In Defense of (All) Birth Stories

It’s a strange time to give birth.

One in three babies today is born via cesarean section, an almost sixty percent increase since 1996. Induced labor has doubled in the past two decades. But home births are on the rise, too. So are water births, elective cesareans, childbirth education offerings, vaginal rejuvenation therapies, and, amidst all this, a palpable air of confusion, finger-pointing, and fury.

In just the past month, an international analysis published by the Public Library of Science suggested that babies born by C-section are more likely to develop obesity later in life. Meanwhile, the American Journal of Obstetrics and Gynecology published a study suggesting that hospital births are significantly safer than home births, and the Committee on Obstetric Practice and the American Academy of Pediatrics released a joint statement challenging the efficacy of water birth.

What’s a mother-to-be to do?

That was the question that propelled the two of us to compile Labor Day: True Birth Stories by Today’s Best Women Writers, published last week by FSG. The book’s thirty contributors speak to the uniquely bewildering experience of giving birth in the twenty-first century, a time when American women are offered unprecedented information—and choices—about how to prepare for childbirth. We may go into labor armed with birth plans, but birth, as our authors attest, rarely goes as planned. The best preparation for birth, we hoped to show, is storytelling. We wanted to reflect, not label; celebrate, not moralize.

But what we’ve quickly discovered is that the issue of birth is so fraught that even stories put people on the defense. Cheryl Strayed’s Labor Day birth story, “The Lavender Room,” is a prime example. Within days of the essay’s publication in Slate, nearly seven hundred comments appeared, many of the commenters either slamming Strayed for allegedly glorifying natural birth (some going so far as to accuse her of putting her baby in danger for using a birthing center instead of a hospital) or attacking each other over their views about childbirth. One of the first comments goes: “Torturing yourself for 43hrs doesn’t give you any special status or mean that you love your child more. 43hours to push out an 11lb baby???!!! [sic] Come on, use your head.” It’s pretty much all downhill from there, with accusations, anecdotes and uncited statistics flying fast.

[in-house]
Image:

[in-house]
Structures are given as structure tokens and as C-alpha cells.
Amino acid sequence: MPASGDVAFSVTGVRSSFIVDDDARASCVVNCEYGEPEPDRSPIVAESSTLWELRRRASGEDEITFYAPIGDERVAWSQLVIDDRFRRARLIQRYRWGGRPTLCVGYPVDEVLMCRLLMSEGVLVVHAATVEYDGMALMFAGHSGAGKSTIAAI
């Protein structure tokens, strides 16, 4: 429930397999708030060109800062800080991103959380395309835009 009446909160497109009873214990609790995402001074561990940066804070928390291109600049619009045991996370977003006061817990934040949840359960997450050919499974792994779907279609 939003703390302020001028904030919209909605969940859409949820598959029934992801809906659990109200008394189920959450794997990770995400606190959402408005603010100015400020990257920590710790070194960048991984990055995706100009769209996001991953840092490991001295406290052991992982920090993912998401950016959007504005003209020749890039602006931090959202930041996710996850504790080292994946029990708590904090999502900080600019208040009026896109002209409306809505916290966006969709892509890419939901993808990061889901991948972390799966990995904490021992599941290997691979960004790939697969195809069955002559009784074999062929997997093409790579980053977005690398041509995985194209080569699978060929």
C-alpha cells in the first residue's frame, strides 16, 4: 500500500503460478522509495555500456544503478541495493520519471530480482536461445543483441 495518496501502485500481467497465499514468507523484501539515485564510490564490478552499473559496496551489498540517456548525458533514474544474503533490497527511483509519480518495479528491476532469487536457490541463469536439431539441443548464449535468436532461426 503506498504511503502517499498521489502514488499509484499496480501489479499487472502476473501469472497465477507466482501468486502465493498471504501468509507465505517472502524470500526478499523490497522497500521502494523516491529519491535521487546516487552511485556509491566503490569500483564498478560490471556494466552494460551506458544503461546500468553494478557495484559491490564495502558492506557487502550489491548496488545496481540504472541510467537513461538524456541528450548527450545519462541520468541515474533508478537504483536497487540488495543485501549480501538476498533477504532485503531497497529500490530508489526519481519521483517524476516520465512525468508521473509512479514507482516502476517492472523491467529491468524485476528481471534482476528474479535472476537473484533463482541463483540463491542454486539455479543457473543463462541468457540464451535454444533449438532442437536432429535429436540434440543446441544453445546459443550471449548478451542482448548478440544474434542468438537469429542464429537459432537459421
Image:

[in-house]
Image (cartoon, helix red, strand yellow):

We all know how these online riots go. They’re not pretty. But this one had us shaking our heads with particular disappointment. Only a small percentage of commenters pointed out that Strayed never once expresses any superiority or moral position, only tells her own story. It’s a personal story, about picturing her son’s face, enduring the pain of contractions, watching a crow alight at the window where she labored. Why attack a birth story? And why view a birth story as an attack?

The charged climate isn’t just limited to Internet free-for-alls. We saw the same defensiveness in a review of Labor Day in New York Magazine. Reviewer Jessica Grose complains that she was “disappointed by the overwhelming sameness of the stories within. Whether or not the women involved had natural childbirth (and the majority did), with one or two exceptions they are all still marinating in the same birth culture….And it’s a didactic, judgmental culture.” Basically, she wishes that more of the essays in the anthology were free of the turmoil so many of our authors express about their birthing choices. Grose is careful not to point the finger at those choices, but writes, “I’m blaming the editors for not trying harder to find a more diverse set of views and experiences among the essayists.”